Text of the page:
Russia, the 57 mm Caponier-gun was taken into service in early 1892.
When Finland became an independent country, 17 guns were left behind
by the Russian troops.
gun was a short barreled close defense weapon, without a recoil
system. It was widely regarded as an unsatisfactory coast defense
known as "6 Pounder QF Nordenfelt Coast Defence Gun" (QF
meaning quick-firing, as the gun had a theoretical rate of fire
of 20 shots/min)
This gun was also taken into service In Russia,
1892. 40 guns were left behind by the Russian troops when Finland
became an independent country, making it one of the most numerous
coast defense guns in Finland before the WW2.
The muzzle velocity varies, depending on the type of the shell.
bought in 1891, the designs of the French Canet gun system. Only
the Russian Navy took into service the 75 mm version as a
naval gun. The gun was produced mainly by Obuhov. Many different
versions of this gun (naval, coast defense and AA) were produced
with different carriages.
The 75 / 50 M had the gun
installed on a carriage designed by Capt. A.P.Meller (later a
The gun had a theoretical
rate of fire of 12 shots/min, but the practical was 10 shots/min.
* = the weight with the armor
** = depending of the shell type
Source: "Itsenäisen Suomen rannikkotykit
1918 - 1998"
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Bunker of the late
A few of the bunkers, of the late 30's, had as the MG-compartments
wall a 320 mm armor plate,
instead of several feet of concrete. The definite advantage that the
armor plate offered, was that the bunker could be made much lower,
making the bunker easier to camouflage. Also the firing slit could
be considerably smaller (only 7 cm high)and narrower, making it safer
to operate under artillery fire.
The problem with armor plates was, that they were hard to manufacture
and expensive. So after the "Casemate de Bourge"-type wing
was taken into use, no more armor plated bunkers were made.
|This was a very typical bunker built in the last two years of
peace. This bunker was positioned to fire at the attackers flank,
had it's firing port shielded by the "wing", had a searchlight
and an armored observation cupola. At least three this type of
1 MG -bunkers (the two smaller ports were for close-defense) were
built in the Muolaa (Mu) sector.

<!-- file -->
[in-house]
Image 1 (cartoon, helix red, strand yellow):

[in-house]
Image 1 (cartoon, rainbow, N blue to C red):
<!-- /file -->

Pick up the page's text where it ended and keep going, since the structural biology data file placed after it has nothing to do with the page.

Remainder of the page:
(Mu 13, 14 and 20)
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In the mid to late 30's, the trend in bunker building was to build
2 to 4 flank-firing bunkers connected via an underground tunnel acting
also as a crew compartment. Twelve 2 MG-bunkers (which usually were
the size of two 1 mg-bunkers "with their backs together")
and six 3 MG- bunkers were constructed in the Mannerheim-line.
But, these big "little fortresses" were very expensive,
so they were soon dropped in favor of smaller bunkers. The below "Millions"-bunker
is one of the biggest.
was the "Millions-bunker" in the sector Sj. It was nicknamed
after the high cost. It was a 3 MG -bunker (two to the left and
one to the right, the small slits near the "wings" were
for searchlights), and had three armored observation cupolas. In
addition to the crews quarters, the bunker offered shelter for a
rifle platoon (some 40 men).
In some sources this bunkers is listed as having 4 mg's. It's
a matter of opinion which is closer to the truth, as this bunker
had a 4th mg in a special gun mount, that could be raised and
operated on the bunker roof (frontal firing mg). But as it couldn't
be used from inside the bunker, most tables list this bunker as
having 3 mg's.
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In addition of so called "active" defense fortifications,
some passive bunkers were built. These were regular shelters for up
to a platoon's strength, HQ & shelter-bunkers and small artillery
Also six short stretches of "concrete trenches"
were built from 1922 onwards. They had small
squad-sized "closets" in the front bank of the trench.
||This type of concrete shelters were built from 1921 onwards. As
they were built some 100 - 150 m from the main defense-line, some
kind of depth was achieved. They had firing slits for self-defense
only. The example on the left was of the biggest type, offering shelter
for a platoon. The passiveness gave the option to sink them deep underground,
but the level of groundwater restricted this in many occasions. Passive
shelters were usually made to 1 - 3 squads, platoon size shelters
were not so common.
(The direction to the front-line is "up")